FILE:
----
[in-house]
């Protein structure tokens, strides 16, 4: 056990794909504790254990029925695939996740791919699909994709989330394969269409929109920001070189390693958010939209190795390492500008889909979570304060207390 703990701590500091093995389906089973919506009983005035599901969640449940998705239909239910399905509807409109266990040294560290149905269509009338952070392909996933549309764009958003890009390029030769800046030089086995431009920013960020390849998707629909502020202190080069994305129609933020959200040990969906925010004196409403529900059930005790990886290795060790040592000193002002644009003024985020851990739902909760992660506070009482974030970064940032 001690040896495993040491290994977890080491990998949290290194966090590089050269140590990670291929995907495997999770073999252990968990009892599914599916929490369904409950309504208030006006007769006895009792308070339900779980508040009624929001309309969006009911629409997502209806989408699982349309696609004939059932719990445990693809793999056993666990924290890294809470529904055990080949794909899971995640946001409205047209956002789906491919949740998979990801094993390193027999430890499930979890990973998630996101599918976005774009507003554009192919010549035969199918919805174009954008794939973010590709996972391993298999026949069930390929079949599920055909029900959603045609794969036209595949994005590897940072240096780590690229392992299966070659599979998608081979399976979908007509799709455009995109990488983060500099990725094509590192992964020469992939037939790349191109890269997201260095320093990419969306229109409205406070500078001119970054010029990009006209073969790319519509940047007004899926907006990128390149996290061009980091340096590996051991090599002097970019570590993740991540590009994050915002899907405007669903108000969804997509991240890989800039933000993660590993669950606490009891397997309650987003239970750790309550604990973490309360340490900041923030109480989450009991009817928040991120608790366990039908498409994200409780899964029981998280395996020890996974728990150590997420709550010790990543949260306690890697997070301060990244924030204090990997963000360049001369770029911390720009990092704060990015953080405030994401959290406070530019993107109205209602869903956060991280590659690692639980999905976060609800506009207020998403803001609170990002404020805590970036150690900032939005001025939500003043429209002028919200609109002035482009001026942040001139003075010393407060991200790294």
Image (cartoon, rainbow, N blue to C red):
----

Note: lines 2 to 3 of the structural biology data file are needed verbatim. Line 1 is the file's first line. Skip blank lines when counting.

């Protein structure tokens, strides 16, 4: 056990794909504790254990029925695939996740791919699909994709989330394969269409929109920001070189390693958010939209190795390492500008889909979570304060207390 703990701590500091093995389906089973919506009983005035599901969640449940998705239909239910399905509807409109266990040294560290149905269509009338952070392909996933549309764009958003890009390029030769800046030089086995431009920013960020390849998707629909502020202190080069994305129609933020959200040990969906925010004196409403529900059930005790990886290795060790040592000193002002644009003024985020851990739902909760992660506070009482974030970064940032 001690040896495993040491290994977890080491990998949290290194966090590089050269140590990670291929995907495997999770073999252990968990009892599914599916929490369904409950309504208030006006007769006895009792308070339900779980508040009624929001309309969006009911629409997502209806989408699982349309696609004939059932719990445990693809793999056993666990924290890294809470529904055990080949794909899971995640946001409205047209956002789906491919949740998979990801094993390193027999430890499930979890990973998630996101599918976005774009507003554009192919010549035969199918919805174009954008794939973010590709996972391993298999026949069930390929079949599920055909029900959603045609794969036209595949994005590897940072240096780590690229392992299966070659599979998608081979399976979908007509799709455009995109990488983060500099990725094509590192992964020469992939037939790349191109890269997201260095320093990419969306229109409205406070500078001119970054010029990009006209073969790319519509940047007004899926907006990128390149996290061009980091340096590996051991090599002097970019570590993740991540590009994050915002899907405007669903108000969804997509991240890989800039933000993660590993669950606490009891397997309650987003239970750790309550604990973490309360340490900041923030109480989450009991009817928040991120608790366990039908498409994200409780899964029981998280395996020890996974728990150590997420709550010790990543949260306690890697997070301060990244924030204090990997963000360049001369770029911390720009990092704060990015953080405030994401959290406070530019993107109205209602869903956060991280590659690692639980999905976060609800506009207020998403803001609170990002404020805590970036150690900032939005001025939500003043429209002028919200609109002035482009001026942040001139003075010393407060991200790294």
Image (cartoon, rainbow, N blue to C red):